This is more like it! I think these samples are closer towards what I had in mind for my most recent animation. I am particularly fond of the top image, there is some beautiful detail in the image, the paint still looks wet. It has a little more shape and depth to it than the bottom image, though there are positive properties to both.
The combination of paint, pen and pencil, with the varying definition and thickness of line is something that I want to explore further.
I think this could lead in to the start of a larger exploratory project, which would be a good way for me to refine my research and hopefully take it to a clearer next level.
I am most of the way along with the creation of my new animation, so I thought I would show a sneak peak with some of my samples. In these two images I have only used paint, specifically blue oil paint, the end product will be constructed with both paint, ink and pencil. Because of this I think these samples look a little too pristine, though they are visually attractive. The addition of pen and pencil will add some extra fineness and sharpness.
I love the cloud-like quality of the central areas, it looks very turbulent, as well as adding plenty of depth and shape to the images. I also really like the fine fair-like quality along the interior edge of the circle, it makes me think of an unusual deep sea creature, or a simple single-cell organism. I like playing with allusions to different processes (particularly biogenesis, as well as cosmic cycles) and the concept of the sublime within human consciousness.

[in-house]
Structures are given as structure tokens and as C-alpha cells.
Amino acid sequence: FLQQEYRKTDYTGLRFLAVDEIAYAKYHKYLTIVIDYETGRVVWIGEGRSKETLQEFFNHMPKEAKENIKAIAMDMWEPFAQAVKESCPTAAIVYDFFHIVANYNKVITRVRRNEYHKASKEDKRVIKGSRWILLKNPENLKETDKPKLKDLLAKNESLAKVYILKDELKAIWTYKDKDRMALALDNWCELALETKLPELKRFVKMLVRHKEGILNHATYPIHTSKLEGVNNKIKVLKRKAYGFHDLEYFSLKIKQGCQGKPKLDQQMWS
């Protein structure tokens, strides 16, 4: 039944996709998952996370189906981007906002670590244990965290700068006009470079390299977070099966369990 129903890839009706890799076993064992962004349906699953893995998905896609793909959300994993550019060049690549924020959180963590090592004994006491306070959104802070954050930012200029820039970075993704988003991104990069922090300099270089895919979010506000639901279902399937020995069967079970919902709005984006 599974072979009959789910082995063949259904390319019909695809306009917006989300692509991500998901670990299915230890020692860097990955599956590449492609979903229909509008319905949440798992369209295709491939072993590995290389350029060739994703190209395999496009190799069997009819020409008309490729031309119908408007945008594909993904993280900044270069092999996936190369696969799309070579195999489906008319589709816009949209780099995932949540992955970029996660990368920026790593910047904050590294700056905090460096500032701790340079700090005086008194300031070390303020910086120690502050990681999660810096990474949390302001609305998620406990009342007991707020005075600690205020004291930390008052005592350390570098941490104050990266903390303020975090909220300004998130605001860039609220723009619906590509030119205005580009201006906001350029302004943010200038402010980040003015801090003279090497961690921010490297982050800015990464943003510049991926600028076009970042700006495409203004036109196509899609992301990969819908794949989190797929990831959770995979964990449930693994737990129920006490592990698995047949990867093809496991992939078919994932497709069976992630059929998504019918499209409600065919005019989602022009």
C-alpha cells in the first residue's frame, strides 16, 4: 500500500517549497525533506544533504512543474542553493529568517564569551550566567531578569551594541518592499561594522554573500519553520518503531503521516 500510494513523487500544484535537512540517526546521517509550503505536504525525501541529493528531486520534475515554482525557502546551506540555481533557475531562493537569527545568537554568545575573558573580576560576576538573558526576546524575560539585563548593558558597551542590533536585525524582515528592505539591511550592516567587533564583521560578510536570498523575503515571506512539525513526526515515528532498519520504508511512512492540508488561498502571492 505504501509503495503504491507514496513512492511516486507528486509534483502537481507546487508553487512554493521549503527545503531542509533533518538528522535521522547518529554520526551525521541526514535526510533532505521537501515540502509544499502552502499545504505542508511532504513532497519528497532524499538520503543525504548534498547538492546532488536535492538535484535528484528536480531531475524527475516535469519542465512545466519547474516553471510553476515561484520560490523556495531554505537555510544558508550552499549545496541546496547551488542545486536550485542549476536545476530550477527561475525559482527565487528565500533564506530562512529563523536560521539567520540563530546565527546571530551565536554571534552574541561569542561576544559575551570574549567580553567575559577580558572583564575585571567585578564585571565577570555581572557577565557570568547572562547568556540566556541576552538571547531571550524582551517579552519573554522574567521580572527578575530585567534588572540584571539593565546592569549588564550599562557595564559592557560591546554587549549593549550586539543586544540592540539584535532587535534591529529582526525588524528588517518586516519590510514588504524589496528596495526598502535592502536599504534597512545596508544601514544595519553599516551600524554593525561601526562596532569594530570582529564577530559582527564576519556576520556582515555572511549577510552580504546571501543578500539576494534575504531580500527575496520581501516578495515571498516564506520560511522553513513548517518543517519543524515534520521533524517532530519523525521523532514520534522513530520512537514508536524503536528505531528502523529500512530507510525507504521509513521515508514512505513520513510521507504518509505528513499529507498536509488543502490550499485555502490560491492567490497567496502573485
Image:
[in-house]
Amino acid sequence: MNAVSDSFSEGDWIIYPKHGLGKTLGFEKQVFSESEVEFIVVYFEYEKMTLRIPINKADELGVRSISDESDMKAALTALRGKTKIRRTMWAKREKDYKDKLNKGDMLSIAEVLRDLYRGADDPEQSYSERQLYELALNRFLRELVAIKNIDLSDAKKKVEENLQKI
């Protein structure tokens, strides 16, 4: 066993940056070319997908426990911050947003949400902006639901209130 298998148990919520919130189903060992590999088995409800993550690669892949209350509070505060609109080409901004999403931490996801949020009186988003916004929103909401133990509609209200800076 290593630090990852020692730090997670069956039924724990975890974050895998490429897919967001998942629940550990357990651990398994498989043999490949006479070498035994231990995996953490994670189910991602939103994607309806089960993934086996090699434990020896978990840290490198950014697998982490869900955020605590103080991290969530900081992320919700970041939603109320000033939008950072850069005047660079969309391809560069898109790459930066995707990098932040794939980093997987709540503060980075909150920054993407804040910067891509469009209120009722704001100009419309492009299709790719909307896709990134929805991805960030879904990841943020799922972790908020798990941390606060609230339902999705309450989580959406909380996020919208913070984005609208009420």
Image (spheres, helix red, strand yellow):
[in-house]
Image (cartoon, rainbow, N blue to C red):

As is clearly evident, I am still fascinated with circles. I promise I will try different approaches soon, though they will still have a geometric bend to them.
I have been a very busy boy recently with lots of different projects. I am happy that I have managed to make free time appear from somewhere to get some artwork done. It seems to be something that is easy to neglect and it is a great shame when that happens. I have something to keep me motivated currently, because I am working towards making an animation to show at Surface Gallery, where we are having a volunteer show.
Something that I have been thinking about recently is what is the difference between painting and drawing? Once that question is given even a little thought it becomes murky and not as obvious as it seems on first inspection. It is a very open question that I clearly do not expect a precise answer to, I just intend to prod around in the border areas and see where the overlaps begin.
One of the most pressing things with this question is the use of different mediums. For example, conventionally paint would obviously be used to create a painting and a graphite pencil can be used to create a drawing, but what about ink from a drawing pen used with solvent? It would traditionally be considered a drawing tool and medium, but it acts much more like paint.